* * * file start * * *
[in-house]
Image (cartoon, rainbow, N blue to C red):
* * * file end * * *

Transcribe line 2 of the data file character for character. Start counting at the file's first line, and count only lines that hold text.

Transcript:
Image (cartoon, rainbow, N blue to C red):